Ynwa

    ♥♥♥ ∞/5 “All Liverpool fans should own a copy” Amazing book relating the history of the greatest club. Nothing else to say.

  3. 5 out of 5

    Zach M

    Red Men is a perfect read for a fan who has recently started to follow the club (the book covers until around 2011). The early history covered is almost comprehensive and was my favorite part to read. I loved how Williams crafted the story to combine the clubs evolution alongside the city of Liverpool. I believe he perfectly demonstrates how the club is tied to the city and what it means to the community.

  4. 4 out of 5

    Conor O'mahony

    Full, fantastic history of Liverpool FC, season-by-season. Every club should have one of these. Well written, incorporating other factors affecting the city at the time. Relatively impartial.

  5. 4 out of 5

    D.A. Fellows

    5/5 stars. Thorough and engaging, this book takes you on a journey from the very birth of Liverpool Football Club up until the beginning of 2011. Must-read for anybody interested in the history of one of the world's most famous football teams. 5/5 stars. Thorough and engaging, this book takes you on a journey from the very birth of Liverpool Football Club up until the beginning of 2011. Must-read for anybody interested in the history of one of the world's most famous football teams.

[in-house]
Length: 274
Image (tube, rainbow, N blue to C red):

6. 4 out of 5

    Scott

    The best sports book I have ever read. My only qualm would be that Williams suggested Lucas Leiva might not ever settle at Anfield, which, hindsight being 20/20, Lucas certainly has.

  7. 5 out of 5

    Susan

    Christmas gift from Bobby T. Excited to read this!

  8. 5 out of 5

    Jess Beck

    Nothing better than reading about your favorite Football club.

  9. 4 out of 5

    Carrig Twomey

    I think that a lot of liverpool fans would like to read this book and to learn the history of this great team.

  10. 4 out of 5

    Drew Bell

  11. 5 out of 5

    Kyle Ekberg

  12. 5 out of 5

    Adam

  13. 5 out of 5

    Nick

  14. 5 out of 5

    marlana prasad

  15. 5 out of 5

    Riley Benson

  16. 5 out of 5

    Mike Huyser

  17. 4 out of 5

    Jeremy

  18. 5 out of 5

    Matt

  19. 4 out of 5

    Eric

  20. 4 out of 5

    Anna Bogdan

  21. 5 out of 5

    Aidan Scott

  22. 5 out of 5

    Tyler Johnson

  23. 5 out of 5

    Jonathan Martin

  24. 5 out of 5

    Garrett

  25. 5 out of 5

    Ragnar Liaskar

  26. 5 out of 5

    LISA MANCUSO

  27. 5 out of 5

    Raikan

  28. 4 out of 5

    Justin Mulvey

  29. 5 out of 5

    Amy Sprouse

  30. 4 out of 5

    peter andrew sutcliffe